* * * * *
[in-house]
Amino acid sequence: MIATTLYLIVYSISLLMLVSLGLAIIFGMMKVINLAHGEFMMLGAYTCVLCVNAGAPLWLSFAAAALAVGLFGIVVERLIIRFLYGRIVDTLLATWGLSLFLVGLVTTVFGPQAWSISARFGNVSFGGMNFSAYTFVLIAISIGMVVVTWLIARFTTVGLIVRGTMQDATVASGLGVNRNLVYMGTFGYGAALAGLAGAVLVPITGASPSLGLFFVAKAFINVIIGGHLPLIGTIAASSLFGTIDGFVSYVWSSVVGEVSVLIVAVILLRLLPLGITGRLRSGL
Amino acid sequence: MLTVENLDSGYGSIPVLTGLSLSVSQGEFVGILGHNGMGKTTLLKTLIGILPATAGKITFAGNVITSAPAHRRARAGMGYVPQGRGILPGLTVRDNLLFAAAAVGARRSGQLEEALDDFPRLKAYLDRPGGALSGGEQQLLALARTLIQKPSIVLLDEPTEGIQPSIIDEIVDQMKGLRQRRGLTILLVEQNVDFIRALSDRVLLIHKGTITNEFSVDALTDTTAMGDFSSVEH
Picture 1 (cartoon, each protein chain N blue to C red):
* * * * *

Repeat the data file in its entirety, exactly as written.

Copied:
[in-house]
Amino acid sequence: MIATTLYLIVYSISLLMLVSLGLAIIFGMMKVINLAHGEFMMLGAYTCVLCVNAGAPLWLSFAAAALAVGLFGIVVERLIIRFLYGRIVDTLLATWGLSLFLVGLVTTVFGPQAWSISARFGNVSFGGMNFSAYTFVLIAISIGMVVVTWLIARFTTVGLIVRGTMQDATVASGLGVNRNLVYMGTFGYGAALAGLAGAVLVPITGASPSLGLFFVAKAFINVIIGGHLPLIGTIAASSLFGTIDGFVSYVWSSVVGEVSVLIVAVILLRLLPLGITGRLRSGL
Amino acid sequence: MLTVENLDSGYGSIPVLTGLSLSVSQGEFVGILGHNGMGKTTLLKTLIGILPATAGKITFAGNVITSAPAHRRARAGMGYVPQGRGILPGLTVRDNLLFAAAAVGARRSGQLEEALDDFPRLKAYLDRPGGALSGGEQQLLALARTLIQKPSIVLLDEPTEGIQPSIIDEIVDQMKGLRQRRGLTILLVEQNVDFIRALSDRVLLIHKGTITNEFSVDALTDTTAMGDFSSVEH
Picture 1 (cartoon, each protein chain N blue to C red):